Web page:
By Andrea Kiliany Thatcher, Book Publicist and Social Media Strategist
Did you know April 9-15 is National Library Week? If you’re an author or publisher – you should! We all know the tremendous benefits of libraries to communities they serve and to the book community at large. To name just a few:
- Libraries are community hubs – In addition to connecting people to information, libraries connect people to people. They are safe havens for kids when school is not in session, offering after school homework help, games and book clubs. Libraries offer computer classes, enabling older adults to stay engaged in a digital world.
- Libraries provide access and level the playing field – Information should not be a privilege. As great democratic institutions, libraries serve people of every age, income level, location, ethnicity, or physical ability, and providing the full range of information resources needed to live, learn, govern, and work.
- Libraries promote literacy – Libraries are committed to helping children and adults develop the skills they need to survive and thrive in a global information society: the ability to read and use computers.
- Libraries innovate – The way people are using our libraries is changing as fast as technology is changing society. Increasingly, libraries are becoming a place for creation and collaboration.
While all this is wonderful, it can be harder to see the effect libraries can have on book marketing and sales. Sometimes authors ask “if a library will only order 1 or 2 books, and possibly keep interested readers from buying the book, why are they important to sales?” In fact, I asked this very question of a sales manager when I worked in-house as a marketer for a small, independent publisher.
I learned that most local libraries are part of larger regional library systems, and so those “1 or 2” books add up to constitute significant orders. A library system in a robust metro could place an order to rival that of a regional chain of bookstores like Books a Million.
Libraries are also advocates for writers and their community – so when you’re a writer in a library’s community you’ve really got some support! Most local libraries will be happy to host an event for a writer in their town – either pairing with a local independent bookseller for sales or coordinating sales with the author. Many libraries also spotlight local authors in displays, newsletters or other ways. Libraries are often hosts to book clubs, which may or may not involve club members purchasing a book but will certainly result in conversation and visibility for a title. Library patrons are engaged and enthusiastic readers who are likely to make book recommendations to their friends either on social media or through word of mouth.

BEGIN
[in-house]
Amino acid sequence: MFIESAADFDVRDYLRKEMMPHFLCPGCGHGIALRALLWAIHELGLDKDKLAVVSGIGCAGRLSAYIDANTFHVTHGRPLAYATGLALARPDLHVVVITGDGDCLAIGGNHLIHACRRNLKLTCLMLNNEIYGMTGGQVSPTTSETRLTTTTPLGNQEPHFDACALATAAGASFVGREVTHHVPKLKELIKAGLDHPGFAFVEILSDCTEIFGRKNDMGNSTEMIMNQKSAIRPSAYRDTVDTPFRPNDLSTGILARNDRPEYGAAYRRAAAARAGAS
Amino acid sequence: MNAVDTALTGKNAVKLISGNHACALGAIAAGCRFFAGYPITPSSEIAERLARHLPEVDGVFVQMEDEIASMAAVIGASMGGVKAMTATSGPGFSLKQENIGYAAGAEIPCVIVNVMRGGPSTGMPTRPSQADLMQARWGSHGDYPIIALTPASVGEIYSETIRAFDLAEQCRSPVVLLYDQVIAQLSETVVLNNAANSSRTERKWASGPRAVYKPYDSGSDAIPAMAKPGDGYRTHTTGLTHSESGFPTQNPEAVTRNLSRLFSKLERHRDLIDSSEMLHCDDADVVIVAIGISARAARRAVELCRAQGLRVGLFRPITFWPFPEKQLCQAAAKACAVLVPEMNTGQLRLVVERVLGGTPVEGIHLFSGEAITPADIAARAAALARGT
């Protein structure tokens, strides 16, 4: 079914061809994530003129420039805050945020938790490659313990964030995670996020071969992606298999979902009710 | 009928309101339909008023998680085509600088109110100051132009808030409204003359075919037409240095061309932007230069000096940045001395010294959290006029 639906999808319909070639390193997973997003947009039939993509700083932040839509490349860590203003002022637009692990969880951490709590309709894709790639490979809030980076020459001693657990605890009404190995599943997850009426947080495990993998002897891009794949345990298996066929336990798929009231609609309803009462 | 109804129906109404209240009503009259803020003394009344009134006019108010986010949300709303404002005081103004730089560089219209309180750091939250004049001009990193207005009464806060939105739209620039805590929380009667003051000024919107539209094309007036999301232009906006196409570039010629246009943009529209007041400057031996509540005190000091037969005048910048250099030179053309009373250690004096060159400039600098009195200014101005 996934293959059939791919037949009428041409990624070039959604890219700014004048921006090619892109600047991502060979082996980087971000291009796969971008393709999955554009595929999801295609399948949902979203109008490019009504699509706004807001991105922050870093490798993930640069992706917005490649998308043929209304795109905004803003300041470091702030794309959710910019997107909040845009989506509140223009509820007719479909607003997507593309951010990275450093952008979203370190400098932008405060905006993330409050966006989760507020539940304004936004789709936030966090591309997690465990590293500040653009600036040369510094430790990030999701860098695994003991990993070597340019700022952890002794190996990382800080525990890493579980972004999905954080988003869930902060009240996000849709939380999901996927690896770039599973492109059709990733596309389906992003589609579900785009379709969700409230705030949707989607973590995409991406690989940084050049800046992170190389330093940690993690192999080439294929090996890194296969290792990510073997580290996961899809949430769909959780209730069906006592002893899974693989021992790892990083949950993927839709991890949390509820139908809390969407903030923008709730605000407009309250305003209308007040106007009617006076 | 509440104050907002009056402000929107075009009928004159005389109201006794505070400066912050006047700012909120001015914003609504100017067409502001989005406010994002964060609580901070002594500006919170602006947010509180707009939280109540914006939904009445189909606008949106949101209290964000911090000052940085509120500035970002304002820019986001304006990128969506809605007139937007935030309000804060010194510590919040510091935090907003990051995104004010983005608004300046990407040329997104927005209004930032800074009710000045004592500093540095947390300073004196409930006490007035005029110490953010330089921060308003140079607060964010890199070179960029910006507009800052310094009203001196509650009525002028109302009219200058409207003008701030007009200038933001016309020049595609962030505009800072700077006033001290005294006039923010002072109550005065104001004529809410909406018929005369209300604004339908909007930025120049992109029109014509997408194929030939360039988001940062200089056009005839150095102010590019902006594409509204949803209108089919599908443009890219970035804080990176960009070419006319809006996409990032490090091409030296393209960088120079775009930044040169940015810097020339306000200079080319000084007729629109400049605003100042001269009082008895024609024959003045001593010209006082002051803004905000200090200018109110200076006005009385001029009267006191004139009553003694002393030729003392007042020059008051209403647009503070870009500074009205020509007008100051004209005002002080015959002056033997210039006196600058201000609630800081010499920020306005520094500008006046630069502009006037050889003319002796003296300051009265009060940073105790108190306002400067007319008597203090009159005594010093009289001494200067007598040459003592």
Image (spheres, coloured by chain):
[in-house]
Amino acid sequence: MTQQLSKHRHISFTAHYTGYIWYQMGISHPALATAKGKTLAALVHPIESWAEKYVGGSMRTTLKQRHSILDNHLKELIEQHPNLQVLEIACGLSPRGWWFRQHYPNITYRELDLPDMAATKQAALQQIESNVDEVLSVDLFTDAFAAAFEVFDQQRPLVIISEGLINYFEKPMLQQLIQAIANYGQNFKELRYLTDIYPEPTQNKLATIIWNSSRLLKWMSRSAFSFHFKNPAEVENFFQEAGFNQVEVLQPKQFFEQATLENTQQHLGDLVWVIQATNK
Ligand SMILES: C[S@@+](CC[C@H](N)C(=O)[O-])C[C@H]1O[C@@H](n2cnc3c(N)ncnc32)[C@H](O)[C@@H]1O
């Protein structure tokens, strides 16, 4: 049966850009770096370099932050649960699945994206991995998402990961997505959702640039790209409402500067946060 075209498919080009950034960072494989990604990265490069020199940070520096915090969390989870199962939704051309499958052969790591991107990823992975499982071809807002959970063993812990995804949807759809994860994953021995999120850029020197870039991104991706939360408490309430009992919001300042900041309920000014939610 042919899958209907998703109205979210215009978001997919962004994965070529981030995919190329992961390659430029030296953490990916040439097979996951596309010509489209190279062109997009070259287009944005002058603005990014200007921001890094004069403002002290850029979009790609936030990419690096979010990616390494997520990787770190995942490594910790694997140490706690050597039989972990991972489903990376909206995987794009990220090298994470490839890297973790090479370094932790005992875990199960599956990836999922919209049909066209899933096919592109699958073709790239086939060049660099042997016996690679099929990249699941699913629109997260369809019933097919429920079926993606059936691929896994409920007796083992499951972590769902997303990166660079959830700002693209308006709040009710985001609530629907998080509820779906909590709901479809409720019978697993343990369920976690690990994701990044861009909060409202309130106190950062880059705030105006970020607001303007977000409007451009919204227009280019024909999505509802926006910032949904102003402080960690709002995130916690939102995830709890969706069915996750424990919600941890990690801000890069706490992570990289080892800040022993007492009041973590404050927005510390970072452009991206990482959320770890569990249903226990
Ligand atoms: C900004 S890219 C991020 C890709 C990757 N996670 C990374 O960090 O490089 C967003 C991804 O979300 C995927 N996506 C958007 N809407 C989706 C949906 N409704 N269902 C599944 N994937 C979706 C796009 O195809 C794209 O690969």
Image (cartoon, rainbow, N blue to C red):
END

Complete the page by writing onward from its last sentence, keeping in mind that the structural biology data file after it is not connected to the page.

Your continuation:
Which brings us to National Library Week 2017, the theme for which is “Libraries Transform.” First sponsored in 1958, the week is a national observance sponsored by the American Library Association (ALA) and libraries across the country each April. It is a time to celebrate the contributions of our nation’s libraries and librarians and to promote library use and support. All types of libraries – school, public, academic and special – participate.
Celebrations during National Library Week include:
Monday, April 10: State of America’s Libraries Report released, including Top Ten Frequently Challenged Books of 2016.
Tuesday, April 11: National Library Workers Day, a day for library staff, users, administrators and Friends groups to recognize the valuable contributions made by all library workers.
Wednesday, April 12: National Bookmobile Day, a day to recognize the contributions of our nation’s bookmobiles and the dedicated professionals who make quality bookmobile outreach possible in their communities.
See what events your local library is hosting and how you can get involved as part of your book publicity efforts. You can find a local library here. As a local author, if you’re involved in your library’s celebration, you’re likely to get a special mention or recommendation from staff. But it’s best to look at this as a way to reach readers and get involved with your local bookish community, not a chance to get a commitment for a specific order.
Questions? In the words of Hermione Granger, “when in doubt, go to the library.”
You might also enjoy: How to Get Your Book Into Your Local Bookstore